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Russia says it will impose Moscow time in Ukraine’s occupied territories


In the latest effort to bolster its illegal annexation of Ukrainian territory, Russia announced Friday that it will impose Moscow time in the parts of four Ukrainian regions now under the control of its invading forces.

Russia has already issued its passports and enforced the use of its currency, the ruble, in the occupied territories of Luhansk, Donetsk, Kherson and Zaporizhzhia – the four Ukrainian regions that President Vladimir Putin has declared annexed and incorporated into Russia, which in contrary to international rules. law.

Now Russia said it will move its clocks forward an hour so those areas are on Moscow time.

“The gradual synchronization of Russian legislation continues after four new areas are integrated into its structure,” the Russian Ministry of Industry and Trade wrote. “In the near future, the regions of DPR, LPR, Zaporozhye and Kherson will be included in the 2nd time zone, which will be governed by Moscow time.”

It was not clear when exactly the change would take place. But Ukraine, unlike Russia, observes daylight saving time, so all clocks will jump forward an hour on March 26, regardless of Moscow’s annexation ambitions.

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On September 30, Putin signed a decree annexing the four Ukrainian regions, despite the fact that Russian forces did not fully control any of them. In November, Ukrainian forces retook the city of Kherson, the only regional capital Moscow had taken since the invasion began. Russian proxies have controlled the capitals Luhansk and Donetsk since 2014, and its troops have so far failed to reach the city of Zaporizhia.

Despite repeated military setbacks, Putin has stated that Russia will never give up on the regions, and the Kremlin is now pushing for areas it does not control to be “liberated” from Ukraine. The illegal annexation has been widely condemned by the international community.

The time zone change in the occupied territories is the latest attempt by the Russian authorities to “Russify” conquered Ukrainian territories and to integrate the inhabitants culturally and legally.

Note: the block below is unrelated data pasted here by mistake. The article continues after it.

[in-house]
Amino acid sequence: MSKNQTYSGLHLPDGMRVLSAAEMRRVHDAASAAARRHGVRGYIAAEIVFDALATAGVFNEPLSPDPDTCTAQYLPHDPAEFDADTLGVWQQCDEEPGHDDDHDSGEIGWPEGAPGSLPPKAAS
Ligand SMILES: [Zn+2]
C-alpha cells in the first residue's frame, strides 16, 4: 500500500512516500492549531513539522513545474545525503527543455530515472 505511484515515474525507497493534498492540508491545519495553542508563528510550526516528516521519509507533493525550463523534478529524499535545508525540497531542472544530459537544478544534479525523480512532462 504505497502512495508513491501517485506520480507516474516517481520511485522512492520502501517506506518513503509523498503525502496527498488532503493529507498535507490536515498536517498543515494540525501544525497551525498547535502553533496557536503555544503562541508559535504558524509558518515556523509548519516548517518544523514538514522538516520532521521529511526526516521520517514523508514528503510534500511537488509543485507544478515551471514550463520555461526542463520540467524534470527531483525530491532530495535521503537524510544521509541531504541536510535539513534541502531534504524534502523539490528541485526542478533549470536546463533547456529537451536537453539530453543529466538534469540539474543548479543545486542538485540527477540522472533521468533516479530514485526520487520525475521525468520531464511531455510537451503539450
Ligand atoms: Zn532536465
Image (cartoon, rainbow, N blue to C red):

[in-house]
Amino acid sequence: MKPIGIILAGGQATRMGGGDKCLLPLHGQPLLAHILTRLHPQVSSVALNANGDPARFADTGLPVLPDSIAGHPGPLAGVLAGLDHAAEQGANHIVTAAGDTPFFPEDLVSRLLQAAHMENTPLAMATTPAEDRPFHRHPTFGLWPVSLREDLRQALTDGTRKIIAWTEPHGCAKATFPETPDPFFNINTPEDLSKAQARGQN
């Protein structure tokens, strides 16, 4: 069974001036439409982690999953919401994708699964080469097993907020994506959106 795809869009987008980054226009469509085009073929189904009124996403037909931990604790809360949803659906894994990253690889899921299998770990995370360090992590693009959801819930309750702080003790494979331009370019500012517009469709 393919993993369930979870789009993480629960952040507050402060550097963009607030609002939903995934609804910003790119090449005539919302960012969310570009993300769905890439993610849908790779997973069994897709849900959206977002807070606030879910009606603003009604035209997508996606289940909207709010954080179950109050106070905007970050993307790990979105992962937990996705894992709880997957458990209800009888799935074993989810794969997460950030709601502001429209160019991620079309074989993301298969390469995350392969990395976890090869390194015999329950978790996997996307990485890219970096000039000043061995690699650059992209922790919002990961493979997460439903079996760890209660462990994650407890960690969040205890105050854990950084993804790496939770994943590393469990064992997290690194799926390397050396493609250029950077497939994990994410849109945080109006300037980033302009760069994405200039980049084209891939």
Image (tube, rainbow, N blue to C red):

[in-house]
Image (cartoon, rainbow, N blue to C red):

Street and highway names have been changed to Russian names and schools have been forced to adopt the Russian curriculum, along with the circulation of Russian money and passports.

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Meanwhile, in a new round of sanctions, Japan on Friday announced an export ban on dozens of items to Russia, including water cannon systems, tear gas, explosives, X-ray inspection equipment and robots.

In response, Kremlin spokesman Dmitry Peskov told reporters that Tokyo’s decisions “bring us nothing terrible.”

And in the most recent example of the Kremlin’s crackdown on the media, Russia’s Attorney General’s Office declared Meduza, a popular Russian independent news channel, as an “undesirable” organization in Russia.

The move is designed to force entities to cease operations in Russia, and it puts staff and financial donors at risk of prosecution and long prison terms.

On Thursday, the prosecutor’s office said Meduza “poses a threat to the foundations of the constitutional order and security of the Russian Federation.”

The European Union condemned the move. “This decision shows that it is not enough for the Russian authorities to spread manipulative information about Russia’s war against Ukraine,” said EU foreign policy chief Josep Borrell. “They also want to prevent independent media from giving the Russian public access to fact-based information about this war.”

While Moscow remained on a war footing, regions in Ukraine continued to experience emergency blackouts on Friday after the latest string of Russian airstrikes on Thursday.

Ukrenergo, the state’s power grid operator, said the rocket attacks knocked out electricity around Kiev, the capital, as well as the city of Kharkiv in the northeast and Lviv in the west. Ukrainian officials said Thursday’s attack killed at least 11 people and injured 11 others.

Russia’s defense ministry said on Friday that its forces hit Ukraine’s infrastructure in Thursday’s drone strike and a “massive missile strike” from the air and sea. The ministry said the attacks had disrupted the “transport of weapons and ammunition”, including weapons supplied by NATO countries such as the United States.

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Former President Donald Trump, posting on his Truth Social platform, claimed that the war “never would have happened” had he been president, boasting, “Even now, as president, I could negotiate an end to this horrible and rapid escalating war within 24 hours.”

Asked about those comments, Peskov said Friday that the United States and its allies have no interest in peace. Peskov claimed Washington had a “key” to ending the war because it could tell Kiev to stop fighting. “We now see that the current White House leader does not want to use this key,” Peskov said. “On the contrary, he chooses to keep pumping Ukraine with weapons.”

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